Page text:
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Posted January 23, 2003
as desribed by John Newman Edwards in 1872
[Kansas City Times, May 12, 1872.]
As the glorification of living and dead guerrillas seems now to be the order of the day, a few words as to the character of this, the king of guerrillas, may not be amiss. Since Mosby's recent interview with General Grant, the Radical papers declare that his sins, though as scarlet, shall be made white as snow. No good reason, therefore, exists why the truth shall not be told of one who, brave and steadfast to the end, died as he had lived, a fearless Ishmaelite.
Richardson, whom McFarland killed, wrote once in a letter from Denver city to the New York Tribune of Billy West, a noted border man, as "the swarthy Adonis of the Plains." Carrying forward the simile, Quantrell [sic: common misspelling of Quantrill] might be likened unto a blonde Apollo of the prairies. His eyes were very blue, soft and winning. Peculiar they were in this, that they never were in rest. Looking at the face, one might say there is the face of a student. It was calm, serene, going oftener to pallor than to laughter. It may be that he liked to hear the birds sing, for hours and hours he would linger in the woods alone. His hands were small and perfectly molded. Who could tell in looking at them that they were the most deadly hands with a revolver in all the border. Perhaps no man ever had more complete mastery over a horse than Quantrell, and whether at a furious gallop or under the simple swing of the route step, he could lean from the saddle and snatch a pebble from the ground.
Anderson was a tiger let loose; Quantrell was a tiger too, that had the innocence of a lamb. Nature loves to group the grotesque. Hence all the smiles his features had on when his pitiless lips pronounced the death sentence. Todd mingled no melody with his murders; Quantrell was heard to sing little snatches of song as the gray smoke rolled away from his pistol. Mosby delighted in surprises and disguises; Quantrell published his name broadcast when the mood was on him, and blazed it along the route of his travels as if it were a cloud to cover him. He was unlike them all, just as he was greater than them all.
It is instructive sometimes to study the pictures the war painted. No nation furnishes a counterpart for guerrillas such as ours, except Spain. France had a few, but women tempted them and they were trapped and slain. These Missourians loved women, but the love lasted not beyond the bivouac. In the morning each heart was all iron. What instructs one in the contemplation of such characters, is their intense individuality. Horrified at their ferocity, one yet delights to analyze their organization. If there is a race born without fear, Quantrell belonged to it. He loved life, and yet he did not value it. Perhaps this is why it was so hard to lose it. In his war-life, which was one long, long, merciless crusade, he exhibited all the qualities of cunning, skill, nerve, daring, physical endurance, remorseless cruelty, abounding humor, insatiable revenge, a courage that was sometimes cautious to excess and sometimes desperate to temerity. In the midst of a band who knew no law but the revolver, his slightest wish was anticipated and obeyed. Hence his power to command was unquestioned. Recognizing no flag but the black flag, he sat as quietly down in the midst of a hostile country as the foes who were on his track; and having shaken hands with death, he thought no more of the word surrender. If he believed in God, he denied the special providences of heaven, and stabled his horses in a church as well as in a stall. Without knowing the ghastly irony of it, perhaps, he was often heard to offer up a prayer for a victim.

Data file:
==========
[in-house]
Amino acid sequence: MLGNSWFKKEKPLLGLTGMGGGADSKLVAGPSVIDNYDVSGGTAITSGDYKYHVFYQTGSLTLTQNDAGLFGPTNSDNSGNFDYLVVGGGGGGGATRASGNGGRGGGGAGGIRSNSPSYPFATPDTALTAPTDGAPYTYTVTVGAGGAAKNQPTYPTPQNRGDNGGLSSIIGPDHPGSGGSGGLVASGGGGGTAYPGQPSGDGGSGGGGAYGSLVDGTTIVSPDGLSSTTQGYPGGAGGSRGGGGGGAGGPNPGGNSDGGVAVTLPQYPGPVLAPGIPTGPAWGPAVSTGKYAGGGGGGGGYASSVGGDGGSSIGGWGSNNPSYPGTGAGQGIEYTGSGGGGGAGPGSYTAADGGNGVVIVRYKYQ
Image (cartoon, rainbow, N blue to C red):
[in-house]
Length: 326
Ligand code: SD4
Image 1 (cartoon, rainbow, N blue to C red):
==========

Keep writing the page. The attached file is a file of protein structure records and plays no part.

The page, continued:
It is useless to declare that these kind of characters do not attract. All Paris came to see Cartouche hung, and yet Cartouche was only a robber. But then his little child was suspended on the same scaffold. In the arsenal at Jefferson City is a picture of Bill Anderson, taken after death. The clear-cut face is ghastly pale. A white, mute, appealing look is on the tense, drawn features. Dead leaves and sand are in the long yellow hair and tawny beard. For hours women gather about this picture and babble of balls and revels and dances and battles, and ever and ever come back to the white, set face and the wan, mute features. No visitor goes away without seeing it, and thinking of it for many a day thereafter.
No nation equals in individuality the American. Her people possess all the elements to make the finest soldiers on earth. Keen, desperate, enduring, insatiate for the excitement of active conflict, and readily hardened into reckless butchers, they make conscience subsidiary to slaughter, and accept the fortunes of a struggle with a fatalism that is Oriental. As a perfect type of this, Quantrell will live as a model. Sooner or later he knew death would come, and so he forgot him. Meanwhile his killing went on, and his exploits filled a historic page of the gigantic contest.
This California paper is too far away to know the truth of his last battle's ending. The curious can find his grave if they will look for it in Kentucky, deep enough to keep him till the judgment day. Bloodier and crueller than Mosby, he died as he had lived, worshiped by a few, loved by many, and abhorred of half the nation.
Pages in the James & Youngers
©2003 D. H. Rule
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